Recent Nexus devices have delivered great value, offering flagship hardware at mid-range prices. In order to reach the lower price point however, some compromises had to be made. For the Nexus 6, Google chose to go in a different direction, eliminating the compromises and the value. With a starting price of $650, it must compete with the other expensive flagship phones on pure performance and user experience. Based on the history of the Nexus brand and Motorola's input, we had high hopes for the Nexus 6.
One of the primary draws for any Nexus device is getting the latest pure Android experience. Lollipop brings a redesigned interface and a new Java runtime environment, among many other improvements, to this Nexus. The clean look of Lollipop's Material Design language is a refreshing change, as is the improved functionality of the lockscreen. There's now a proper do-not-disturb mode, and the profile feature previously available on tablets is now available for phones too. The scrollable recent apps menu works great until too many open apps accumulate, which makes it difficult to locate the one you want. There's also no way to just close all apps at once, definitely a UI oversight.
Ambient Display is a simple but excellent addition to the Nexus 6. It basically eliminates the need to hunt for the power button. If the phone is sitting on a table, simply rocking it on its curved back shows the time and notifications with minimal power draw. Picking up the phone or taking it out of your pocket will do the same. It's really a great convenience feature.
Drawing design inspiration from Motorola's Moto X, the Nexus 6 is an attractive, well-made phone. The combination of aluminum and plastic strikes the right balance between rigidity and weight, both extremely important in such a large device. While we like having the power and volume buttons on the same side, a little more space between them would make them more distinguishable and easier to operate, but this is a minor quibble.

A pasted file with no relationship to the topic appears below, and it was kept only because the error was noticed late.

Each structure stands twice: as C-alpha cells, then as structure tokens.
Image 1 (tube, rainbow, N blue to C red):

The lack of a removable battery and microSD support are more serious offenses. With the Nexus 6, you're limited to a maximum of 64GB of storage. That's enough for many road warriors, but not all. Having the battery sealed inside will eliminate this Nexus from many people's wish list, though some will find solace from the Qi wireless charging and the included power adapter that supports Qualcomm's QuickCharge 2.0 technology that gets you from near-dead to over 20% in only 15 minutes.
After living with the Nexus 6 for awhile, we can say that the initial misgivings about its size dull. Yes, nothing changes the fact that its dimensions can be inconvenient, and it can be difficult finding places to stash this beast. However, by minimizing the bezels around the screen, it's really not much taller than the iPhone 6 Plus. Its significant width all but eliminates one-handed use, though.
This brings up one of our pain points. The Nexus 6 lacks any phablet-specific software features that make it easier or more productive to use: no special stylus features, no one-handed modes and no multi-window capability. Since stock Android does not offer any of these large-screen enhancements, why use a phablet as Lollipop's showcase device?